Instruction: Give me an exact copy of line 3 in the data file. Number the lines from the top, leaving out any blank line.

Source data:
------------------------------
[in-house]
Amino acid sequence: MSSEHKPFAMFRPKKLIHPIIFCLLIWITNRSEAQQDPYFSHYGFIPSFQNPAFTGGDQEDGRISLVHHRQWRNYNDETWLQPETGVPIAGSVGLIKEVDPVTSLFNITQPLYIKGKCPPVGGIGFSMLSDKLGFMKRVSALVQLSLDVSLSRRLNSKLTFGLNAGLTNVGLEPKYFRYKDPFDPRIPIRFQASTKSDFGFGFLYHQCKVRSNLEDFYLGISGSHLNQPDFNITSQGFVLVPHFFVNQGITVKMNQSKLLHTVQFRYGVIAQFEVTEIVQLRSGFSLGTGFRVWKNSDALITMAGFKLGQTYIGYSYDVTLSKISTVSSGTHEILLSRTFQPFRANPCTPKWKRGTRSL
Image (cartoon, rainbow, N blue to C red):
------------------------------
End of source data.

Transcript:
Image (cartoon, rainbow, N blue to C red):